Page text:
The WBA 126-pound World Champion has his sights set on potential unification bouts but can’t overlook the dangerous Rivera Saturday Night on FOX.
Last year at this time, the featherweight division was brimming with high-end matchup possibilities. Now, through the process of elimination, only WBA world featherweight champion Leo Santa Cruz and WBC counterpart Gary Russell Jr. remain as elite-level players.
All roads lead to a high-stakes unification bout in the immediate future, unless something or someone comes along to turn the boxing world upside down.
This Saturday, February 16, from Microsoft Theater at L.A. in Los Angeles, Premier Boxing Champions presents an important all-Mexican world featherweight title clash between Santa Cruz (35-1-1, 19 KOs) and the tough Rafael “Big Bang” Rivera (26-2-2, 17 KOs).
Televised coverage on FOX and FOX Deportes begins at 8 p.m. ET/5 p.m. PT and includes an all-action welterweight battle between Omar Figueroa Jr. and John Molina Jr.
Santa Cruz, 30, is no stranger to the world stage. The three-division world champion is 14-1 in world title fights. This upcoming challenge will be the third defense of the belt he recaptured from Carl Frampton back in January 2017.
The native of Huetamo, Michoacan, Mexico has been one of the most consistent main stage talents in boxing over the last seven years, delivering an entertaining mix of come-forward Mexican bravado alongside an underappreciated technical skill set.
Santa Cruz is a tall, rangy pressure fighter by nature, overwhelming opposition with volume and varied offensive output. He sometimes merely touches a foe to help set distance and timing, then turns over on power shots to the body or head. At his best, Santa Cruz’s constantly moving hands put opponents out of position and keeps them in a permanent state of reaction.
Over the years, though, Santa Cruz has matured, adding some skilled nuance to his weaponry. To nullify the inside game and keep everything at a long arm’s length, the thirteen-year pro will side-step, pivot, and tie up bull-rushing opposition, firing off uppercuts and tight, short hooks to further discourage up-close brawling. And once a foe has become discouraged, Santa Cruz will keep him on the outside with long, hard shots and a poke from the periphery at the first signs of any move forward.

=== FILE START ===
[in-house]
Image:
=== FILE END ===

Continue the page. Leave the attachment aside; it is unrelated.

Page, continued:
Matched against Rivera, who is a replacement for original opponent Miguel Flores, Santa Cruz might find a groove and control the bout. Or he could also find himself in a tougher-than-expected battle against a fighter skilled enough to not be outboxed and tough enough to stand his ground offensively.
Rivera, a 24-year-old Rivera of Tijuana, Baja California, Mexico, is a game warrior, throwing everything with bad intent—and a bit of skill thrown in for good measure.
However, he can be beaten to the punch and controlled by a good boxer, sometimes to the point of having his own punch output cut significantly. Nevertheless, Rivera has yet to be stopped as a pro. He’s savvy enough to keep himself safe from sustained punishment and spirited enough to stymie efforts to steamroll him.
When hit with anything substantial, Rivera always answers back and, up until now, that has been enough to keep him afloat against some of the better opposition he has faced.
In seven years as a pro, Rivera’s high-water mark wins came against former world champion Wilfredo Vazquez Jr. and undefeated prospect Ruben Hernandez, both in 2015. Most recently, he was competitive in losses to prospects Joseph Diaz Jr. and Joet Gonzalez, showcasing enough skill and will to make the favored fighters work for their wins.
“This isn’t going to be an easy fight,” Santa Cruz acknowledged. “Rivera is tougher than people have given him credit for in the past. It motivates me to try to be the first to knock him out. If I have the opportunity for it, I’m going for it. Most important though, is to come out of there with the victory.”
Rivera’s susceptibility to the uppercut and tendency to fall in when on offense may be his ultimate undoing in this bout, if the defending champ isn’t content on simply outboxing his challenger.
And while “Big Bang,” as a naturally tough, still-developing fighter, could very well offer up a surprisingly competitive effort, the big story coming from Saturday’s featherweight title fight will revolve around what’s next for Santa Cruz.
It’s hard to argue with the kind of success he has had in his career, but, for an elite-level pro, there’s always going to be that next obstacle, that next challenge. In Santa Cruz’s case, the next move is either a unification bout with Gary Russell Jr. or a move up to the 130 lb. division.
There’s big money and big intrigue if matched against Russell, so the fight world is especially interested in that one—and, apparently, so is Santa Cruz, himself.
“Gary Russell Jr. is the fight that I want,” Santa Cruz said. “He beat me in the amateurs, but in the pros I get 12 rounds. I think that I can beat him.”
But first things first. The road to Russell begins through Rivera.
For a closer look at Santa Cruz vs Rivera, check out our fight page.